Sunday Express

Survivors must avoid bottling up their trauma

- By Geoff Ho

An open letter to the victims of Friday’s terror attack:

TOTHOSE who were hurt by terrorist

Usman Khan at London Bridge, I am so, so have joined a club no one wants to be a member of, made up of people whose lives have been touched by terror. I know because I am a member, too, and I hate it.

I would love to be able to say that things will go back to how they were before, that there will be no impact on your lives. Sadly, that isn’t so. It will affect you and your loved ones.the question is by how much.

Likewise, to those who were caught up in the attack, I’d like to be able to say you will emerge from this unscathed. Even if you don’t have physical scars, after what you have seen and experience­d, some of you will be left with invisible mental ones.

What I can say is that what happened to you, your friends or family doesn’t have to overwhelm and ruin your lives.with work and time, you can process what happened and put it behind you.

The first and most important thing you can do is talk to someone. If necessary, seek counsellin­g. Forget being strong for your family and friends and keeping silent about what this is doing to will experience a maelstrom of emotions, including crippling despair, guilt, anger and sadness. Do not bottle it up.that’ll only end in tears, trust me.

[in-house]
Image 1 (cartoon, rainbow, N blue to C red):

A friend of mine tried ignoring what happened to him after the 2017 London Bridge attack. He favoured the strong, silent approach. It ate at him like a cancer and he became miserable, withdrawn, angry at himself. He was not the husband and father his family knew, he was just a shell of the fun, outgoing friend he was. In the end, he and his family had to emigrate to get a fresh start. He is slowly getting better, but it has taken time and drastic changes.

You also need to know that while you may be the one who was there or even hurt, your family and friends are affected to them. Reassure may feel guilt for the worry they experience­d, but try to forgive yourself. I realise that is easier said than done and I still have trouble with that when I think of how my parents suffered after the attack, not knowing if I was alive.

Do not let what happened change your life.try to achieve a sense of normality as soon as you can; routine can be comforting. It’s important because if you avoid the London Bridge area from now on, you are only developing a complex and letting that terrorist b ****** win. It will always have a hold on you if that happens, so don’t let it.

I know for a fact that when people confront trauma, they can recover with the love and support of family and friends.

You can stop being a victim of terror and become a survivor instead.

‘You will experience a maelstrom of emotions’

 ?? ??

Newspapers in English

Newspapers from United Kingdom